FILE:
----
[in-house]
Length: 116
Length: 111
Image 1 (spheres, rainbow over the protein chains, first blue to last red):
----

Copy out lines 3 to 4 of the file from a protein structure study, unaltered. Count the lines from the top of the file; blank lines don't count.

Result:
Length: 111
Image 1 (spheres, rainbow over the protein chains, first blue to last red):